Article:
displaying equipment or supplies which will be used and which are new to the students will
prompt them to ask questions and be ready for the demonstration.


STEP TWO: INSTRUCTION

The instructor performs in the center of the group, turning so that her back is not to
anyone for any length of time. Small groups are better than large ones for demonstration
purposes, but if a large group is necessary, the instructor should give the initial performance
and then sub-divide the group and repeat it for each sub-group.
Everything should be done slowly, carefully and exactly, and a brief explanation of the
movements should accompany the lesson. The instructor should explain and give directions
with positive statements, telling what to do and what not to do. Students should be
encouraged to ask questions.
Aids, charts, and pictures pertinent to the demonstration should be prepared in advance
and shown at the most appropriate time. Interruptions during the demonstration should be
avoided. Instruction sheets describing the lesson and pointing out the important steps or
facts are helpful and are valuable for future reference, also.

In general, some of the advantages of instruction sheets are:

1. They provide for individualized instruction.
2. They help students recall demonstrations.
3. They supplement inadequate textbook material.
4. They make it possible for the instructor to spend more time in supervision.

Other valuable teaching aids are the flannel board, mock-up models, and mannequins,
the overhead projector, the opaque projector, charts and posters, bulletin boards,
blackboards, a microscope, duplicated materials, sociodrama, magazines and other publica-
tions, school projects, movies and filmstrips, and field trips. All these aids are explained and
described on the following pages.







STEP THREE: APPLICATION


The practice step should follow immediately after the demonstration while the
impression is clear in the students' mind, and the instructor should make certain that each
student clearly understands the details of the expected performance. The practice should be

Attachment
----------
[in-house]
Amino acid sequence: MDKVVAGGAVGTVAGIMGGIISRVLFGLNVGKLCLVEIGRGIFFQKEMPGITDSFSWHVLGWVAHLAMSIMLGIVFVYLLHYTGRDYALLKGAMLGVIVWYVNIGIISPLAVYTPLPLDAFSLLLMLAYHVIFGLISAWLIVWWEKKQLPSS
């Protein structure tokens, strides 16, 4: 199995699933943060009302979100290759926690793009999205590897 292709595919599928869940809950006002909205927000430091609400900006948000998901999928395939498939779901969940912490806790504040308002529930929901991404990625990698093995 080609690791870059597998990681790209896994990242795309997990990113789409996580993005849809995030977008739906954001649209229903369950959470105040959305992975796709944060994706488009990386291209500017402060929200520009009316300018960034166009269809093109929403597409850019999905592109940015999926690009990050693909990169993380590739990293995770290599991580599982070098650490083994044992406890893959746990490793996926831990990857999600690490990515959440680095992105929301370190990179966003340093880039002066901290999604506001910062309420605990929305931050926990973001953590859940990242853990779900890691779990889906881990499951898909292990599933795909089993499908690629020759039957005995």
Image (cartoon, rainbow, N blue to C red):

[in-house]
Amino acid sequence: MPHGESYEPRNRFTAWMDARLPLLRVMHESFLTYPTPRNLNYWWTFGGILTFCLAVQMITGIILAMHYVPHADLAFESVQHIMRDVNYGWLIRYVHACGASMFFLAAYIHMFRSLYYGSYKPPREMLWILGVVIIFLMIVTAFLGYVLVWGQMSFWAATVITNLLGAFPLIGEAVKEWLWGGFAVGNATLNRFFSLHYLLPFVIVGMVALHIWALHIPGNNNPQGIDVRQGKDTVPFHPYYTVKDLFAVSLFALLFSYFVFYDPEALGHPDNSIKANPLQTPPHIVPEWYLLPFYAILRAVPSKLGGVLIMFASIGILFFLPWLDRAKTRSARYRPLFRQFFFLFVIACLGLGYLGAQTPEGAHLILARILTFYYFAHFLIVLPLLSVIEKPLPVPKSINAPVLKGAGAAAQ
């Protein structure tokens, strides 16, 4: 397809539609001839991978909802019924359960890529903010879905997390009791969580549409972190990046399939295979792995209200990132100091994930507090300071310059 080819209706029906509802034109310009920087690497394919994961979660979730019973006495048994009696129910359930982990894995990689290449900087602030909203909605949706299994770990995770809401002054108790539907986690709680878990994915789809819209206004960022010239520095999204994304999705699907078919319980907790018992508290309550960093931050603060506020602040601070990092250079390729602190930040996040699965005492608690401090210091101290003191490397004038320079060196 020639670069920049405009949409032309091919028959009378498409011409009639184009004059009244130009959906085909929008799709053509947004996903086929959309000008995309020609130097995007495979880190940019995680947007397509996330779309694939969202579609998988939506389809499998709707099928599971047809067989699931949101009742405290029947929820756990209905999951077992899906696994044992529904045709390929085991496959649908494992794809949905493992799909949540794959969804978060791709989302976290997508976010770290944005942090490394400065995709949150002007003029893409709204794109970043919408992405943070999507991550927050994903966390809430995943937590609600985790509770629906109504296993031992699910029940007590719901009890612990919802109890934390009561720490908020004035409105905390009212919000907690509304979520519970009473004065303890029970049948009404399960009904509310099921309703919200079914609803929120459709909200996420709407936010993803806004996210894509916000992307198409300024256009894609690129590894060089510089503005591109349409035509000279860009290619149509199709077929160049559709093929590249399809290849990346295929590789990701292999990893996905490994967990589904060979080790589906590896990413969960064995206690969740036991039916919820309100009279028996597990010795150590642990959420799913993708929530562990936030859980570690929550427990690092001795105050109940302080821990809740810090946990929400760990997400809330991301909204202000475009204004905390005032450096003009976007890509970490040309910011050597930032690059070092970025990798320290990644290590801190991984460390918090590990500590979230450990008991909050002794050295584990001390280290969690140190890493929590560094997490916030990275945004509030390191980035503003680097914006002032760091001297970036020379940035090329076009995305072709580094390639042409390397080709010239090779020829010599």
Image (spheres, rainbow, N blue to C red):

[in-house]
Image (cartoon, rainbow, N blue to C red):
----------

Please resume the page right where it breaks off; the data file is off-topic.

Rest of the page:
supervised, and assistance should be given to those who need it. By observing the
performance, the instructor can evaluate the demonstration by the comprehension exhibited
by the students.
Some students will not only be more observing of details, but also will have more ability
to perform. The instructor should keep a close watch during the practice session to make
certain that no student begins by performing the skills incorrectly. It is imperative to
observe those who are having difficulty and to help them individually. However, care should
be taken to avoid embarrassing or ridiculing a student. Having a student repeat the
performance as often as is necessary for perfection is desirable, but insisting that the student
continue practice when tired or discouraged builds up resentment. It is wise to accept a
student's efforts even though short of perfection, pointing out the areas which need
improvement for correction during the next practice session. Eventual completion and
appraisal of a project is important for building confidence; however, the instructor must be
aware of individual differences. Patience and understanding are essential with slow students;
firmness and compulsory practice are necessary for the lazy ones.


STEP FOUR: EVALUATION

Evaluation determines whether the objectives of the lesson plan have been accomplish-
ed. If they have not been accomplished, the instructor must examine the presentation for
possible ineffective teaching.
Testing should take place when the student has had a sufficient practice period and an
opportunity to ask questions or to receive more help if needed. Before the testing, the
instructor should always inquire whether anyone does need more help. If the students
indicate uncertainty, another demonstration and practice period should be provided. If the
students indicate adequate comprehension, the testing should proceed. During the testing,
the student works entirely alone. The instructor should observe any weakness or incorrect
actions, evaluating the degree of efficiency exhibited by the student. If the required
standard is not achieved, the student is not passed until there is sufficient improvement.
Related information, trade terms, background information and pertinent data is best